GloucesterTimes.com, Gloucester, MA

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July 26, 2013

Study: Forced wage hike would KO jobs

BOSTON — While advocates for a minimum wage increase are poised to push for a 2014 ballot question in 2014 to raise the minimum wage to $11 an hour, the National Federation of Independent Business has released a study predicting that such a wage hike, by 2015 and tied to inflation, could cost the state up to 63,000 jobs over the next 10 years and reduce economic output by $45 billion.

The report, prepared by the NFIB Research Foundation in Washington, suggested that the annual labor cost per employee for small business owners could grow $4,000 to $6,000 per employee, depending on whether the wage is indexed to inflation and at what rate it grows.

“This proposal would hit the economy like a wrecking ball and we think it’s important for lawmakers to understand the potential consequences before they adopt it,” said NFIB State Director Bill Vernon. “The bottom line is that Massachusetts will have tens of thousands fewer jobs, which means fewer opportunities for workers on the lowest rungs of the ladder.”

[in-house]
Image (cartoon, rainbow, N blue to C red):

The report modeled a bill filed by Rep. Antonio Cabral that would increase the minimum wage in Massachusetts from $8 to $11 in two steps by 2015. Sen. Marc Pacheco has filed similar legislation to raise the wage rate to $11 over three years.

“It’s just not anywhere close to being accurate. It’s what they’ve said in the past and it has never come to fruition,” Pacheco said, responding to the report. “The same groups opposed to the minimum wage were also in opposition to passing health care reform in Massachusetts. They were also for the most part in opposition to passing new sets of energy legislation. States that we compete against did not do what we did, and we’ve created more jobs than they have.”

Pacheco would like to see his bill pass the Legislature this session, but if not, he said he would be “all for” putting a question to raise the wage rate on the ballot in 2014. “I think the citizens of Massachusetts are far and away ahead of the political leaders, in this case,” Pacheco said.

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